Director Bill Einreinhofer. Bill is the Chair of the Broadcast Journalism department at the New York Film Academy. A three-time Emmy Award winner, he has developed and produced programming for PBS, CBS, ABC, Discovery and HBO. His four-part documentary series tied to the 2008 Summer Olympics, Beyond Beijing, was seen in 43 countries by 250+ million viewers.
Co-Producer/ Editor Evgenia Vlasova. Evgenia is a native of the Russian Far East and no stranger to China. Back home she was the anchor and co-producer of an award-winning morning show. She is now an instructor at The New York Film Academy.
Producer/Director of Shanghai Sequences Guo Xiang. Guo is a Nanjing-based producer/director.
Digital Producer Theresa Loong. Theresa traces her family heritage back to southern China. She is a multimedia director and producer based in New York.
Associate Producer Nancy Hanzhang Shen. Nancy is a graduate of the Zhejiang University of Media and Communications, she is a freelance video editor in New York.
Production Executive Sun Lianggang is an award-winning Beijing-based documentary producer.
Special Thanks To
Author Peter Harmsen has written two books that analyze an exceptionally complex period of Chinese history. Shanghai 1937: Stalingrad on the Yangtze and Nanjing 1937: Battle for a Doomed City together provide unmatched insights into this period. Through the words of those who experienced these events firsthand — Chinese, Japanese, American, British, German, and others — you will come to understand how Shanghai in 1937 was a place of shattered lives, as well as enduring dreams.
Wing Tek Lum is a well-known Chinese-American poet. His poetry about the Nanjing Massacre, a war crime that was a direct outgrowth of the Battle of Shanghai, is featured in the free Teacher’s Notes.
Syd Golston, a past president of the National Council for the Social Studies, for the wonderful Teacher’s Notes.
Edward Drea, Ph.D. is a well-known military historian. Before he retired, he was head of the Research and Analysis department at the U.S. Army Center for Military History. He lives in northern Virginia.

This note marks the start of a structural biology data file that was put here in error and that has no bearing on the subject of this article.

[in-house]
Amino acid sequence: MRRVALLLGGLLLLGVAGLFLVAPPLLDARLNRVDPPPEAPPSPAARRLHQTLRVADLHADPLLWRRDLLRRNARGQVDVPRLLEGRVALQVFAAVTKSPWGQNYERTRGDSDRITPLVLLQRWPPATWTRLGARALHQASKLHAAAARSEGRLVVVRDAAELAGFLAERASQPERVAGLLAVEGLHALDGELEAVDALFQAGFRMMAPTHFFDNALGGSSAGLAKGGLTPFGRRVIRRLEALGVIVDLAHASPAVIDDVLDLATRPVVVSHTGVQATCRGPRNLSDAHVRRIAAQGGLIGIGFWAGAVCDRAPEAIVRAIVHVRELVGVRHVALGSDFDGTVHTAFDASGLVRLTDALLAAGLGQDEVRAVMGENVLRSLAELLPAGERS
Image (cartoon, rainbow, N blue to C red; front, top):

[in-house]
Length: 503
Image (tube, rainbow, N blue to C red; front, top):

Kuan Yu-chien, Ph.D. vividly recalls what it was like to live in Japanese-occupied Shanghai. He also remembers, after the defeated Japanese forces left the city, how many people wondered why Shanghai was being “occupied” yet again, this time by American and British troops.
Ma Zhendu, as Director the the Second National Archives in Nanjing, oversees the collection, preservation and analysis of the records of the KMT (Nationalist) Party, which controlled China’s central government from the late 1920’s until its defeat in the Chinese Civil War in 1949.
Ronald Morris was born and raised in Shanghai, and witnessed firsthand the brutality of the city’s occupation by the Imperial Japanese Army. He and his mother were both prisoners in the internment camp portrayed in Steven Spielberg’s motion picture Empire of the Sun.
Patricia D. Silver grew up in Shanghai, the daughter of a prominent American physician. She describes what life was like for Shanghai’s expat community, and the terror of Japanese bombers flattening portions of the city.
Su Zhiliang, Ph.D. is an expert on the Battle of Shanghai, as well as the story of the so-called “comfort women” who were forced into sexual servitude by the Japanese military. He helped establish a Comfort Woman Museum on the campus of Shanghai Normal University.
Hans van de Ven, Ph.D. Professor of Modern Chinese History, University of Cambridge. He is author of China at War, Triumph and Tragedy in the Emergence of the New China.
Lillian Willens, Ph.D. is one of the last surviving witnesses to the 1937 Battle of Shanghai. She and her family were stateless Russian Jews trapped in Shanghai. After the war, she came to the United States, eventually teaching at MIT and other prestigious institutions.
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